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One of the typical Dutch treats, the herring

Top 5 Dutch treats

5 Dutch Treats Which You Gotta Try in Amsterdam

The Netherlands isn’t that famous for its food in contrast to Italy or France. Perhaps the Dutch are better in making beers. However, there are some Dutch treats which are really really good and a must try when visiting Amsterdam.

  1. Haring. (= herring)

    Dutch painter, Rembrandt van Rijn, had a delicious Dutch treat. He eat herring on the Albert Cuyp market.
    Haring is a fish which is known for it’s salty taste and its high amount of fatty acids. So, you might think it’s not a very healthy snack. Well, actually you’re wrong! These Omega-3 acids are the “good ones” and are essential for the human body, particularly for the brain, skin, eyes, nerves and circulatory system. Another pro is the high concentration of vitamins. To eat the fish traditionally, take this traditional Dutch treat by the tail, add some chopped onion and sliced pickles and lower it down to your mouth. So, to start your day with a boost: Instead of taking your daily vitamin pill after breakfast, have a haring as breakfast!

    Tip from our Dutch local guide:

    My grandfather always said; don’t buy herring on a Monday. He used to say this because the fish auction is always closed on Sunday’s and therefor no fresh fish is delivered on Monday’s.

  2. Stroopwafels (= syrupwaffles)

    Rembrandt van Rijn went to the Albert Cuyp market in Amsterdam and took a selfie.
    Nice sweet waffles with caramelized sugar. You can find these at any supermarket, but they are most tastefull when they’re fresh and warm. You’ll notice this when the syrup is dripping a bit out of the waffle because it’s still fluid. You can buy the fresh ones at markets like the famous Albert Cuyp market in the area “the Pijp”. It’s quite difficult to just eat one stroopwafel. They are just too damn delicious!

    Tip from our Dutch local guide:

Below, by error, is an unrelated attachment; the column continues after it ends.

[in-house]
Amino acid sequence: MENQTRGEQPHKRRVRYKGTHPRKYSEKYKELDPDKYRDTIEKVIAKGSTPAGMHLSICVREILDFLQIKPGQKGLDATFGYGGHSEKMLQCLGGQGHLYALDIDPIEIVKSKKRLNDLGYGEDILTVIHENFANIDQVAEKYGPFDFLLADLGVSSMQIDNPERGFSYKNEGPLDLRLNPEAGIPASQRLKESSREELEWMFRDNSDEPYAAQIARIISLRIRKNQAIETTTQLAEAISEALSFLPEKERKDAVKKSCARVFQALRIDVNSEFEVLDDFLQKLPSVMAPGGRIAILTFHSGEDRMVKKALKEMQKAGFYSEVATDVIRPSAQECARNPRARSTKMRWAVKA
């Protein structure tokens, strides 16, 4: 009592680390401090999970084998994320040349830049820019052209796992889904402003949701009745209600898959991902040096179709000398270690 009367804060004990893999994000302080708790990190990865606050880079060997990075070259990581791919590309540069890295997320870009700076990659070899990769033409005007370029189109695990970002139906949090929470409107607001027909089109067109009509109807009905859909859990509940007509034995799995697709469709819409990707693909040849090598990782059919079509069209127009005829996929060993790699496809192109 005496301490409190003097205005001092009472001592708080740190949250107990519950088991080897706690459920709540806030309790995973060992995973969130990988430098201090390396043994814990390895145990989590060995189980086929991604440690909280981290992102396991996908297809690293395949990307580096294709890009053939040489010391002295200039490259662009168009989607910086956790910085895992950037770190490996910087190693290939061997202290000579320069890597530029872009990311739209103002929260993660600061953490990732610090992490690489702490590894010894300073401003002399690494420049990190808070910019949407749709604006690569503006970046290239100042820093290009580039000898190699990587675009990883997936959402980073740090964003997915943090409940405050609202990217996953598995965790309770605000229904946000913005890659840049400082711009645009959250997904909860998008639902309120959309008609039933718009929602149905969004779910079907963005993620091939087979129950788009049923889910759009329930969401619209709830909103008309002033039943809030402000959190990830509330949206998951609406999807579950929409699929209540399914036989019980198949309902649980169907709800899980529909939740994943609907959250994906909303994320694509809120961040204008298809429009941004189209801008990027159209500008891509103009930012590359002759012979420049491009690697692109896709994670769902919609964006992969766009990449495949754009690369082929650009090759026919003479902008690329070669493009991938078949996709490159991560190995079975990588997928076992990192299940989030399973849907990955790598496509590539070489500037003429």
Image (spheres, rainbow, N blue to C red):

These stroopwafels taste extremely well accompanied with a cup of coffee or tea!

  3. Erwtensoup (= green pea soup)

    Rembrandt van Rijn enjoyed a typical Dutch treat in Amsterdam. A sausage from the HEMA.
    This is a thick soup that is mostly consumed in winter when it’s cold outside and you need a big meal to keep you warm. The Dutch are used to eat the soup with slices of another Dutch delicate in the soup, which is called “rookworst” (=smokey sausage) and a slice of rye bread on the side. If you prefer to try the sausage only, stop by at famous dutch retail shop HEMA. Most shops consist of a food stand where you can order a “halve worst” (=half a smokey sausage). Ask for mustard if you like it more spicey!

    Tip from our Dutch local guide:

    HEMA also offers stroopwafels packed in beautiful Dutch gift boxes. Great as a souvenir.

  4. Kroket (= croquette)

    An acquired taste: A deep fried meaty and crispy snack, that you can have at any snack bar. Or do as the Dutch and get it from a wallmounted machine (don’t ask, you’ll recognize it when you see one). One of the famous wall mounted machine vendors is called FEBO, which serve their own delicous home made kroket. Eat it with some mustard! Or try the kroket at McDonalds, where this Dutch delicate has it’s own burger which is called  “McKroket”.

    Tip from our Dutch local guide:

    I have two favorite croquettes; the veal kroket is my all time favorite, so I’d definitely recommend this one! Another kroket which is truly delicious – is the shrimp croquette.

  5. Poffertjes (= very Dutch, so no translation available…)

    Small sweet pancakes consumed with powdered sugar and butter. Mostly children love this sweet snack. You can order them at Dutch pancake restaurants or buy them at a food stand during a fair. It’s also possible to buy them at a supermarket. Then you only have to put them in the microwave for a couple of seconds and you will be one step further to becoming a real Dutch sugar lover ;). It must be said that the ones from the supermarket aren’t that good as the fresh poffertjes.

    Tip from our Dutch local guide:

    You can also try these poffertjes at one of Amsterdam’s markets. Go to the Dapper Market, Albert Cuyp Market or Noorder Market.


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